Importance of Art Competitions
||A Studio in Batignolles Quarter by Henri Fantin-Latour,
oil on canvas, 1870, 80 x 107.
An artist grows by leaps and bounds when he or she puts artwork
in the public eye for feedback, and that is what art competitions are all
about. Historically, patronage, commissions, and incredible opportunities have
all been prizes afforded to winners of major art competitions.
drawing and painting competitions continue to allow artists to display their
work among their peers, have it reviewed by esteemed judges, and sometimes
receive exhibition opportunities and monetary incentives.
But more than the competitive spirit drives fine art
competitions. These venues or events (at their best) showcase noteworthy
emerging artists, those with unique perspectives, and artists with technical
Viewers walk away from a great art competition with a real sense of
what art-making looks like right now, and participating artists are able to
make a statement—whether it is cultural, political, aesthetic, or formalist—to
the art world at large.
History of Art
Competitions & Art Contests
|The Sacrifice of Isaac by Lorenzo Ghiberti, gilded bronze relief, 1401-02.
Throughout Western civilization's history, art competitions
have gone hand in hand with the creation of some of the most moving artwork of
the day. But that doesn't mean it's been a smooth road for the participating
artists. Here's a timeline of some of the most interesting (even notorious!)
highlights having to do with historic art contests and fine art competitions.
Zeuxis and Parrhasius
Zeuxis was a famous Greek painter during the 5th century BC.
Pliny the Elder writes, in his Natural
History, that Zeuxis and his fellow painter Parrhasius entered into an art
contest to see who was the greater artists. For his art contest contribution,
Zeuxis painted a cluster of grapes that were so tempting and lifelike that
birds flew down from the sky to eat them. Parrhasius painted a curtain that so
deceived his opponent that Zeuxis conceded defeat by saying, "I have deceived
the birds, but Parrhasius has deceived Zeuxis."
The art competition that every art history student studies came in 1401 in
Florence, Italy, where the Baptistry of St. John, the oldest church in the
city, held an art competition to find an artist to make a pair of bronze doors for
one of the entrances of the building. In the end, the two contenders for the
commission were Lorenzo Ghiberti and Filippo Brunelleschi. Ghiberti won the art
competition, and his first set of Baptistry doors took 27 years to complete (he was eventually commissioned to do a second set).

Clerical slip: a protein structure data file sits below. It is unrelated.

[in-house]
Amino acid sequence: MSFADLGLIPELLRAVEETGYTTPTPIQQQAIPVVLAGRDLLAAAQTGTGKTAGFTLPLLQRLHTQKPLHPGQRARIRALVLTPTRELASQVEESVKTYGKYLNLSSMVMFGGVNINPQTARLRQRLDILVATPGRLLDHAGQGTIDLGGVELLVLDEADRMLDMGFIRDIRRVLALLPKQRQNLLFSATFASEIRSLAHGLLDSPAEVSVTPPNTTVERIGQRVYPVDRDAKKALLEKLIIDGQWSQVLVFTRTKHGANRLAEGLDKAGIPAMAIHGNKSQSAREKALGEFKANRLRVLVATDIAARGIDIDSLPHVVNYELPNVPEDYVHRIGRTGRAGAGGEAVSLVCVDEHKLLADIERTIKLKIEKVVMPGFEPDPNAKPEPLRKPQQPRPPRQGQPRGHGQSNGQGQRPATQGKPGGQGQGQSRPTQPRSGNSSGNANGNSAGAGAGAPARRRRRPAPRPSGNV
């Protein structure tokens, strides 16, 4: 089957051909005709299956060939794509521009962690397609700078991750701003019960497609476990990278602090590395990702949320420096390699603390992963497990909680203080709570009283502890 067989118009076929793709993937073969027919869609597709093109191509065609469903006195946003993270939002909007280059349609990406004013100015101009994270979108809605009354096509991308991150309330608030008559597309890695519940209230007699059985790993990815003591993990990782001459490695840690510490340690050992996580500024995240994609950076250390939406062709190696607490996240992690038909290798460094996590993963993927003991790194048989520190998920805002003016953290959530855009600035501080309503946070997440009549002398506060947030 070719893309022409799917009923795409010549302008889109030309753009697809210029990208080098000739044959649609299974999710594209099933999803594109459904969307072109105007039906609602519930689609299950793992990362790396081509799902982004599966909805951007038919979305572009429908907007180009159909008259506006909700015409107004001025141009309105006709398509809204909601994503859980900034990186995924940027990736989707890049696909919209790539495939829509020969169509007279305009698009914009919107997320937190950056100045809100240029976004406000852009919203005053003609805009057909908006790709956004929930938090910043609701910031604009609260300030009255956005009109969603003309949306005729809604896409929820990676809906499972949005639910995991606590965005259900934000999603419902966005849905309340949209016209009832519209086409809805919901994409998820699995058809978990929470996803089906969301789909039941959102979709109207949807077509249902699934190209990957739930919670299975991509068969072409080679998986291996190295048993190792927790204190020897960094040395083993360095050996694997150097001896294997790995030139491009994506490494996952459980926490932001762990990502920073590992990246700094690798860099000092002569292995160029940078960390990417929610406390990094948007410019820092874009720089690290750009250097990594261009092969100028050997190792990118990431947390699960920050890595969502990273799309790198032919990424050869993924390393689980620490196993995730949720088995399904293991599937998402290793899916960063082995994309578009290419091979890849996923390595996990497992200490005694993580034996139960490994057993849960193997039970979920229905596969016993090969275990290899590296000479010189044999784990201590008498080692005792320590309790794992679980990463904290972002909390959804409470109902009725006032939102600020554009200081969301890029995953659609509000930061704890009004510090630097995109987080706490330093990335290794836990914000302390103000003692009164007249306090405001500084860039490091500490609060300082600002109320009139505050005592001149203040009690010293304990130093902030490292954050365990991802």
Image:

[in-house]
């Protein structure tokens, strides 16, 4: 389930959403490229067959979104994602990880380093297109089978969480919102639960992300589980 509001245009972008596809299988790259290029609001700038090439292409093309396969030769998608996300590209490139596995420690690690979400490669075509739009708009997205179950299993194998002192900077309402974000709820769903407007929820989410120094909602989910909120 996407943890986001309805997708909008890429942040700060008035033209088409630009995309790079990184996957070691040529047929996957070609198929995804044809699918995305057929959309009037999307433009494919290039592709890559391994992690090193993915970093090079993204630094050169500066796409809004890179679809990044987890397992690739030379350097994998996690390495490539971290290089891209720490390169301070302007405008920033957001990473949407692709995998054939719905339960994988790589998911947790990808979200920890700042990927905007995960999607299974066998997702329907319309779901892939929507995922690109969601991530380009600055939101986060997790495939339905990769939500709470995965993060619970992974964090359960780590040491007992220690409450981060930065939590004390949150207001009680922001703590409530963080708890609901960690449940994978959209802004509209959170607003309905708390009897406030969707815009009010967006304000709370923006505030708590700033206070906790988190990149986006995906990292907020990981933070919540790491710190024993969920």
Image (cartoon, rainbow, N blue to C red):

The Prix de Rome
In France in 1663,
during the reign of Louis XIV, the Royal Academy of Painting and Sculpture
instituted the Prix de Rome, an art competition award that
offered the winning artist a stay of several years at the Palazzo Mancini, in
Rome, at the expense of the king.
|Luncheon on the Grass by Edouard Manet, oil on canvas, 1863.
The prize afforded an
artist of exceptional promise the opportunity to reside in an important
cultural metropolis and refine and expand his professional, artistic, and
scholarly aptitudes. By instituting this award, the stewards of French culture
were tactically recognizing and seeking to address a significant challenge: how
to provide for the continuing support and education of artists and secure the
continuance of the visual arts for future generations.
Manet and the Salon
The most famous and first "exhibition of rejects" came in
1863 when many of the 3,000 works that had been passed over by the fine art
competition officials of the Paris Salon were shown in a nearby gallery hall.
To many, this marked the creation of the avant-gard. Edouard Manet's Luncheon on the Grass was among the
paintings shown in this group, as was Whistler's Symphony in White, No. 1: The White Girl.
In 1884, Sargent shocked the Paris Salon in an art contest controversy by
exhibiting a portrait he titled Madame X,
in which one of the straps of the figure's gown has slipped down her shoulder.
The detail was interpreted as quite sexually suggestive at the art
competition's opening. Sargent lauded the painting as one of the best he'd ever
done, but it was not well received by the public at large.
An Art Competition
||Rossina's Apple by William Rose,
2007, charcoal on museum board, 28 x 20.
William Rose is the winner of a previous Drawing
magazine cover art competition. The events that came out of his winning the drawing
competition and having his work on the cover of the magazine (and, therefore,